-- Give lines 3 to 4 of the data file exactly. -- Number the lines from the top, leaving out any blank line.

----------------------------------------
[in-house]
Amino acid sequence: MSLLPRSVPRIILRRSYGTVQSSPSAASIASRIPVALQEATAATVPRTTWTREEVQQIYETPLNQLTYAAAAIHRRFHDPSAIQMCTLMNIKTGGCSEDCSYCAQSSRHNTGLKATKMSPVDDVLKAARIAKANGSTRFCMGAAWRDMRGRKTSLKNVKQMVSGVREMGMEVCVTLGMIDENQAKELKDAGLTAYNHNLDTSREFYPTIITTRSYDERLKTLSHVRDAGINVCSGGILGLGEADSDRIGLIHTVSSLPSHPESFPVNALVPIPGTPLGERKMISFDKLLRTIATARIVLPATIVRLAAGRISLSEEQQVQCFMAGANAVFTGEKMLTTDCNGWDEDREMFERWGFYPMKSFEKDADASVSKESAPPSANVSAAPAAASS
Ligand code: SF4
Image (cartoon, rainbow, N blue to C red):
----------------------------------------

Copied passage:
Ligand code: SF4
Image (cartoon, rainbow, N blue to C red):